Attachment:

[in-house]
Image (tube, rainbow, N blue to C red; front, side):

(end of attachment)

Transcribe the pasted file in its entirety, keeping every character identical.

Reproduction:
[in-house]
Image (tube, rainbow, N blue to C red; front, side):